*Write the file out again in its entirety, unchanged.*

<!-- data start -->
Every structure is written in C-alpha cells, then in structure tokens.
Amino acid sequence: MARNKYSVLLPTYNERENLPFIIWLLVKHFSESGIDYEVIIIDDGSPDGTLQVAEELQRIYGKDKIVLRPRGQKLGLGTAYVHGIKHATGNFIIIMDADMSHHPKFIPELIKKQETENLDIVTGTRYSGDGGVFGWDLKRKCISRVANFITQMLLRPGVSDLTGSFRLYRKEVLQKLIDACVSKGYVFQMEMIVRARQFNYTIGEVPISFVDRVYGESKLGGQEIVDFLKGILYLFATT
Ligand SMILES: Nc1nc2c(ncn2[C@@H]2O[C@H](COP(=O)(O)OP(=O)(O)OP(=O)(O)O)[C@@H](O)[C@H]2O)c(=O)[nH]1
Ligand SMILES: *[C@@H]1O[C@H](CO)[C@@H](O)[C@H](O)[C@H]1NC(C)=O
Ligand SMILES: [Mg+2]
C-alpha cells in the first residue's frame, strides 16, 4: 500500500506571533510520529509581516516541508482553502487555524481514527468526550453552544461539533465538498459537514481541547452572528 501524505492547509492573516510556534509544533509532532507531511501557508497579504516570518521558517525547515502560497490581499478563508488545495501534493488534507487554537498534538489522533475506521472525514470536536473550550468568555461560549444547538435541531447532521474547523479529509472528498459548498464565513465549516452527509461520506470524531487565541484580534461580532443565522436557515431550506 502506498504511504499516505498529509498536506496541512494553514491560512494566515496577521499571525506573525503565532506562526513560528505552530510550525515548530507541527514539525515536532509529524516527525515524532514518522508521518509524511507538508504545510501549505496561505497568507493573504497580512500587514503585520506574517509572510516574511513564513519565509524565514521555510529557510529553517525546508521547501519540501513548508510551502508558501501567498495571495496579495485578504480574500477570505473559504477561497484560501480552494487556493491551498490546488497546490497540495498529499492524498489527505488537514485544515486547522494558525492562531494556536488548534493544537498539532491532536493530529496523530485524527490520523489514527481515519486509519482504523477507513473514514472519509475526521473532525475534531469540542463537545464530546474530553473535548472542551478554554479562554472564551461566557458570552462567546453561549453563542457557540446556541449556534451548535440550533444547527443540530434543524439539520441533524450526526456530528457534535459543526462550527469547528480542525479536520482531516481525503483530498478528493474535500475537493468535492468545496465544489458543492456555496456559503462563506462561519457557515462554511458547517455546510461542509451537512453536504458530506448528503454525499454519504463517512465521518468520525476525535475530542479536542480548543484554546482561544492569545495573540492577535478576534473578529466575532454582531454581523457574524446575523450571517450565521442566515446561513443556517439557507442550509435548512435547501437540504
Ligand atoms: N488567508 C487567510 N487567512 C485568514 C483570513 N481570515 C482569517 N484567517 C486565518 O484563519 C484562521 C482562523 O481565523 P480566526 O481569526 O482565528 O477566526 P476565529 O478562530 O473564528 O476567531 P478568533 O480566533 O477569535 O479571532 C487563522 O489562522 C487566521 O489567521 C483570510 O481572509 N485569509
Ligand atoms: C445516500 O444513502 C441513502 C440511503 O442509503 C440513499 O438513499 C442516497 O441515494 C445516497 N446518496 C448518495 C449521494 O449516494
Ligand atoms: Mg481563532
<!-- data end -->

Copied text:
Every structure is written in C-alpha cells, then in structure tokens.
Amino acid sequence: MARNKYSVLLPTYNERENLPFIIWLLVKHFSESGIDYEVIIIDDGSPDGTLQVAEELQRIYGKDKIVLRPRGQKLGLGTAYVHGIKHATGNFIIIMDADMSHHPKFIPELIKKQETENLDIVTGTRYSGDGGVFGWDLKRKCISRVANFITQMLLRPGVSDLTGSFRLYRKEVLQKLIDACVSKGYVFQMEMIVRARQFNYTIGEVPISFVDRVYGESKLGGQEIVDFLKGILYLFATT
Ligand SMILES: Nc1nc2c(ncn2[C@@H]2O[C@H](COP(=O)(O)OP(=O)(O)OP(=O)(O)O)[C@@H](O)[C@H]2O)c(=O)[nH]1
Ligand SMILES: *[C@@H]1O[C@H](CO)[C@@H](O)[C@H](O)[C@H]1NC(C)=O
Ligand SMILES: [Mg+2]
C-alpha cells in the first residue's frame, strides 16, 4: 500500500506571533510520529509581516516541508482553502487555524481514527468526550453552544461539533465538498459537514481541547452572528 501524505492547509492573516510556534509544533509532532507531511501557508497579504516570518521558517525547515502560497490581499478563508488545495501534493488534507487554537498534538489522533475506521472525514470536536473550550468568555461560549444547538435541531447532521474547523479529509472528498459548498464565513465549516452527509461520506470524531487565541484580534461580532443565522436557515431550506 502506498504511504499516505498529509498536506496541512494553514491560512494566515496577521499571525506573525503565532506562526513560528505552530510550525515548530507541527514539525515536532509529524516527525515524532514518522508521518509524511507538508504545510501549505496561505497568507493573504497580512500587514503585520506574517509572510516574511513564513519565509524565514521555510529557510529553517525546508521547501519540501513548508510551502508558501501567498495571495496579495485578504480574500477570505473559504477561497484560501480552494487556493491551498490546488497546490497540495498529499492524498489527505488537514485544515486547522494558525492562531494556536488548534493544537498539532491532536493530529496523530485524527490520523489514527481515519486509519482504523477507513473514514472519509475526521473532525475534531469540542463537545464530546474530553473535548472542551478554554479562554472564551461566557458570552462567546453561549453563542457557540446556541449556534451548535440550533444547527443540530434543524439539520441533524450526526456530528457534535459543526462550527469547528480542525479536520482531516481525503483530498478528493474535500475537493468535492468545496465544489458543492456555496456559503462563506462561519457557515462554511458547517455546510461542509451537512453536504458530506448528503454525499454519504463517512465521518468520525476525535475530542479536542480548543484554546482561544492569545495573540492577535478576534473578529466575532454582531454581523457574524446575523450571517450565521442566515446561513443556517439557507442550509435548512435547501437540504
Ligand atoms: N488567508 C487567510 N487567512 C485568514 C483570513 N481570515 C482569517 N484567517 C486565518 O484563519 C484562521 C482562523 O481565523 P480566526 O481569526 O482565528 O477566526 P476565529 O478562530 O473564528 O476567531 P478568533 O480566533 O477569535 O479571532 C487563522 O489562522 C487566521 O489567521 C483570510 O481572509 N485569509
Ligand atoms: C445516500 O444513502 C441513502 C440511503 O442509503 C440513499 O438513499 C442516497 O441515494 C445516497 N446518496 C448518495 C449521494 O449516494
Ligand atoms: Mg481563532